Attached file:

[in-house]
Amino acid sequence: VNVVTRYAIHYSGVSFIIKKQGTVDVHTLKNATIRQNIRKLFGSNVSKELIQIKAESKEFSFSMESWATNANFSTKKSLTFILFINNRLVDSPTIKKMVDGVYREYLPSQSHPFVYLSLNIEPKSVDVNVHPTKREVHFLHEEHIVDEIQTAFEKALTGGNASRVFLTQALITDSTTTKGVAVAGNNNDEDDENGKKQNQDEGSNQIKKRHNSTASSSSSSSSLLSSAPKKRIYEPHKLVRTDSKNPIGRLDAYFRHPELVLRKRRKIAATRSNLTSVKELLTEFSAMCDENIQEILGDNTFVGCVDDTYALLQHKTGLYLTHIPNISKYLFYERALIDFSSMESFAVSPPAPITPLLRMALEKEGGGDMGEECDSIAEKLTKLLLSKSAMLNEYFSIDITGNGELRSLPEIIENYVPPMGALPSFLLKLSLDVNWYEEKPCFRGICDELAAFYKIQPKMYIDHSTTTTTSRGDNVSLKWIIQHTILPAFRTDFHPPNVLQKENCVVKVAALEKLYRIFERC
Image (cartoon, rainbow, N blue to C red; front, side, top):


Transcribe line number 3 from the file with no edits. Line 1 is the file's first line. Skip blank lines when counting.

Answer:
Image (cartoon, rainbow, N blue to C red; front, side, top):